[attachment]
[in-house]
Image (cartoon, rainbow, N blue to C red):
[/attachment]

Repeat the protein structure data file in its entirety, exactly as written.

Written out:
[in-house]
Image (cartoon, rainbow, N blue to C red):